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Proceedings Paper

Enabling design concepts for a flight-qualifiable optical delay line
Author(s): Robert J. Calvet; Benjamin Joffe; Donald M. Moore; Robert L. Grogan; Gary H. Blackwood
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Paper Abstract

In an interferometer, an Optical Delay Line (ODL) must be able to inject a commanded pathlength change in incoming starlight as it proceeds from a collecting aperture to the beam combiner. Fringe visibility requirements for space interferometry prescribe that the optical path length difference between the two arms must be equal and stable to less than 5 nm RMS to a bandwidth of 1 kHz. For a space mission, an ODL must also operate in a vacuum for years, survive temperature extremes, and survive the launch environment. As part of the interferometer technology program (ITP) at JPL, a prototype ODL was designed and built to meet typical space mission requirements. It has survived environmental testing at flight qualification levels, and control design studies indicate the 5 nm RMS pathlength stability requirements can be met. The design philosophy for this ODL was to crete as many design concepts as possible which would allow a priori attainment of requirements, in order to minimize analysis, testing, and reliance on workmanship. Many of these concepts proved to be synergistic, and many attacked more than one requirement. This paper reviews the science and flight qualification requirements for the ITP ODL and details design concepts used to meet these requirements. Examples of hardware implementations are given, and general applicability to the field of optomechanics will be noted.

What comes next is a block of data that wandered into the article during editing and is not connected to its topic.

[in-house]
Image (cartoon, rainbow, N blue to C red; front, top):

Paper Details

Date Published: 24 July 1998
PDF: 13 pages
Proc. SPIE 3350, Astronomical Interferometry, (24 July 1998); doi: 10.1117/12.317178
Show Author Affiliations
Robert J. Calvet, Jet Propulsion Lab. (United States)
Benjamin Joffe, ITT Communications (United States)
Donald M. Moore, Jet Propulsion Lab. (United States)
Robert L. Grogan, Jet Propulsion Lab. (United States)
Gary H. Blackwood, Jet Propulsion Lab. (United States)


Published in SPIE Proceedings Vol. 3350:
Astronomical Interferometry
Robert D. Reasenberg, Editor(s)

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